Some thoughts on war
Ok, this site has been dead for a year, but there has been an interesting burst of articles in the libertarian world about the legitimacy of war, and I want to express my views. Let's begin by saying that I don't like articles such as "Barnett is no longer a libertarian because he doesn't agree with my dogmas": they strictly resemble the attitude of the Marxists. I also add that I mostly agree with Barnett: there is something wrong with the libertarian approach to I.R. (International Relations).
Here there is a good summary by Kinsella of the opinions expressed so far, which contains links to whatever I've read about the discussion: http://blog.mises.org/archives/006901.asp.
In a debate mainly based on juridical arguments it is not clear whether or not geo-political and historical considerations are on-topic. What is evident is that, while "moderate" libertarian think tanks like the Cato Institute invest huge resources in careful and detailed analyses of strategic problems, the Mises Institute does not seem interested in real strategic issues, but mainly on a deontological stance against war itself. It is strange: radical libertarianism has lots of important economists (e.g. Rothbard), lots of important jurists (e.g. Leoni), and no International Relation expert at all. That's not fun, especially if in the future, as every political movement hopes, they time will come to think about concrete political problems instead of political theory.
Most libertarians think that those who have enemies have done something to deserve it: this opinion is clearly evident even in Prof. Murphy's article, linked above. But it is indefensible: I call it the "a raped woman is a whore" theory, thanks to the inspiration of a Swedish thrash metal band (were they Terror2000? I don't remember.). The inhabitants of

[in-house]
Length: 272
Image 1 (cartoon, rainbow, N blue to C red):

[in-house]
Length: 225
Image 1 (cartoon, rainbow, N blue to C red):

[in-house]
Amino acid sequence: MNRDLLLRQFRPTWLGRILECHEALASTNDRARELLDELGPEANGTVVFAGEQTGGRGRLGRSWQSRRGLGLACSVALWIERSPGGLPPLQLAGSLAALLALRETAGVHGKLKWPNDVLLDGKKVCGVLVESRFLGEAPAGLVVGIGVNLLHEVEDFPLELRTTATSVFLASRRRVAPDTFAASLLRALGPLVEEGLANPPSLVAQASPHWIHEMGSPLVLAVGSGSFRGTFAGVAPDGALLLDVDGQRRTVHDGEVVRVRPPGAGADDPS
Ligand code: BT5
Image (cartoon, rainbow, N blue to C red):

In order to avoid quibbling about modern and contemporary history, which would be off-topic, I will avoid in what follows direct references to
I will mostly talk about the problem of "What's lawful?" and not about the related problem of "Who decides what's lawful?". This is not to understate the importance of the latter question. But the former is logically prior, as far as we don't accept a Schmittian view of political relations, in which the former question does not play any role.
Here there is somewhat a methodological problem. In real societies, if we apply the Leonian "Id quod plerumque accidit" (what usually occurs) criterion of validity for legal rules, it's the common acceptance of rights, duties and procedures which gives life to the legal order. In war, this common legal order does not exist, almost by definition, and, so, the problem of law enforcing and legal judgement are particularly critical. Anyway, here we are interested in a purely deontological approach: that is, "what is right?".
A further methodological problem arises because of the "thymological" nature of human history. Ideas and concepts are as clear in theory as opaque in history. We all know what risk is: but there is no criterion for a "proper burden of risk". But legal judgements are about the latter, not the former, problem. There is no "natural" "proper burden of risk", as a criterion; there is only a "qualitative" principle. That's the Popperian principle/criterion dichotomy reapplied. Most of the things I will say in the following are principles and not criteria: they are a rough guide, but cannot substitute judgement.
Lawful Collateral Damage - Or "Rothbard Pro-War"
Rothbard said: "But suppose, on the other hand, that the Martians also had the characteristics, the nature, of the legendary vampire, and could only exist by feeding on human blood. In that case, regardless of their intelligence, the Martians would be our deadly enemy and we could not consider that they were entitled to the rights of humanity. Deadly enemy, again, not because they were wicked aggressors, but because of the needs and requirements of their nature, which would clash ineluctably with ours." (http://www.mises.org/story/2581).